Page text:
Rooted to Music
Ghanian singer-songwriter Rocky Dawuni says he instantly connected with India as he found people rooted to Indian culture.
Uniting the world with his music and straddling the boundaries of Africa, the Caribbean and the United States, Ghanian singer-lyricist Rocky Dawuni is determined to bring the unheard melodies of his continent to the forefront.
Growing up in a tumultuous era in Ghana, Dawuni found solace in music, something that he continues to find comfort in. “I was raised in the military barracks in Ghana as my father was a cook. I excelled at school and eventually my father decided to send me back to our home village so I could learn more about our cultural heritage,” says Dawuni.
The 49-year-old Grammy-nominated artiste, who was recently in India to perform in Bengaluru, says that he instantly connected with the country as Indians are rooted to their culture. “My first visit to India was when I had come down to collaborate with Grammy Award-winning artiste Ricky Kej and it was love at first sight. I admire the culture and the music of India, and look forward to coming here each time,” he adds.
His Afro Roots sound — an amalgamation of various genres of music like reggae, Afrobeat, highlife and soul music — has now become his signature piece.
Being cut off from the rest of the world in his village and in the barracks did not deter Dawuni from letting music make inroads in his life. He gravitated towards melodies instinctively. “The multi-ethnic mix of Ghanaian tribes in the barracks also revealed the diversity of expressions found in my own country,” he reminisces. “I was always looking for music. There was a band in the barracks called Hot Barrels, and I remember that every time they had rehearsals I would listen to them play.”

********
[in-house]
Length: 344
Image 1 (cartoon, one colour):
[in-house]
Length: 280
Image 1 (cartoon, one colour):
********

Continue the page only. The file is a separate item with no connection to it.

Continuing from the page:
Sharing stage with the likes of Stevie Wonder, Peter Gabriel, Bono, Jason Mraz, Janelle Monae and John Legend, among many others, Dawuni was named one of Africa’s Top 10 global stars by CNN in 2011.
The groovy beats and soulful rendition of his numbers soon made a mark, getting him a nomination in the 58th Annual Grammy Awards held in 2016, for his sixth album Branches of the Same Tree in the category Best Reggae Album.
From starting out with his first band, Local Crisis, back in his college days, with barely any instruments, to producing his first album in 1996, titled The Movement, supported by members of his band and other Ghanaian reggae stars, Dawuni aimed for the sky and has never looked back since.
He recollects that the drummer managed to etch out a drum kit from a cardboard, while the keyboardists used a toy keyboard. “It was the most low-tech thing you can imagine,” Dawuni recalls, adding, “There was just the fire and determination and we believed in what we were doing.”
The artiste now divides his time between Ghana and Los Angeles, and has immersed himself in music and in humanitarian activities that take him to many nations. Dawuni has lent his voice to important global issues, especially to promote the music and culture of the various tribes of Africa. In 2012, he was appointed the Tourism and Cultural Ambassador of Ghana and World Ambassador for the Musicians Union of Ghana.
His compositions are often inspired by his multi-cultural upbringing in the barracks and are a reflection of his thoughts. “The album Branches of the Same Tree was inspired by the songs and melodies I heard over the years during my travels. It contains snippets of my personal observations of various cultures and global musical developments,” Dawuni says.
Similarly, his love for Africa and its people can be deeply felt in his compositions, often inspired by the conflict and turmoil faced by many African countries. “I feel that the world today knows a lot more about the music of Africa than in the past,” he says. “This is the best time for many of us who belong to the continent to showcase our music, culture and our heritage to the world.”